The Olympics are an opportunity for China to show the world that it can become the greatest technological nation. Overview of this life-size laboratory.
Train in 5G allowing you to broadcast programs in 8K, drones that deliver your dishes as soon as they are ready, massage chair that you can tilt with a smartphone: the Olympic Games which are currently taking place in China represent an opportunity gold for Beijing to show that it has the means to achieve the goal it set itself last year, that of becoming the most high-tech nation in the world by 2035. In this meaning, avatar Dong Dong, a particularly successful “virtual influencer”, fulfills this mission sheet.
This rise in power raises questions about respect for privacy, as noted by the Toronto Citizen Lab think tank. The My2022 application raises many security holes and harbors eavesdropping possibilities. An accusation refuted by Yu Hong, the technical manager of the Olympic Organizing Committee, as can be seen in the video of this column.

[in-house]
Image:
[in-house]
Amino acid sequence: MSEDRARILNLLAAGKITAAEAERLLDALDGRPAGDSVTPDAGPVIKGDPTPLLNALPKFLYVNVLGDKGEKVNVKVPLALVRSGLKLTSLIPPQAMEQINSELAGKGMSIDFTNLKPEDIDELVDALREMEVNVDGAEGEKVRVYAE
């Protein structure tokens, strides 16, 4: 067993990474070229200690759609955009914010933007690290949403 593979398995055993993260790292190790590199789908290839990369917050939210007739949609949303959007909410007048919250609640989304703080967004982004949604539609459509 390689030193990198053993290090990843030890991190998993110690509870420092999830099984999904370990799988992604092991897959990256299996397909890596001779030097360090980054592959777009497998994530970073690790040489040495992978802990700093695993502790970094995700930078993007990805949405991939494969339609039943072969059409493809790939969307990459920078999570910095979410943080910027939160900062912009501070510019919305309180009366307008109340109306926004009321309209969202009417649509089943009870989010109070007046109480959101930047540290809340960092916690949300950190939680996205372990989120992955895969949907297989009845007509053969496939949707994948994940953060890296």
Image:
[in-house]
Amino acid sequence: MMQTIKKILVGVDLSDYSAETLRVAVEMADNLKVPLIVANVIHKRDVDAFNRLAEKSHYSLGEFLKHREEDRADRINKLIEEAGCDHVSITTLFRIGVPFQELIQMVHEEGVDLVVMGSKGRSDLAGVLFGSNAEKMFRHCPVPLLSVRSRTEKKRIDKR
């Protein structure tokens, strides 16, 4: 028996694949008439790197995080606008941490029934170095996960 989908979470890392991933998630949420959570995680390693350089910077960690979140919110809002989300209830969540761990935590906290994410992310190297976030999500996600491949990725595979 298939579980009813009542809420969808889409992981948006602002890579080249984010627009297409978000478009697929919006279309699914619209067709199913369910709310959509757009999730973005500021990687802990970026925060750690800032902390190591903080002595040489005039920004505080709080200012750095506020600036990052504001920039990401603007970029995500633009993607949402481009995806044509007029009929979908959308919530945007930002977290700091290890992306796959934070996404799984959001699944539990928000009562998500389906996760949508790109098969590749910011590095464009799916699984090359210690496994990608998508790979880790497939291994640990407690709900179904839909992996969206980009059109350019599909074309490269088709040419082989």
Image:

Accused of resorting too automatically to artificial snow, Beijing highlights the use of hydrogen vehicles for the event, as well as electricity produced by wind turbines. But it will still take a lot of effort for China, whose energy consumption still relies more than 50% on coal, to achieve carbon neutrality.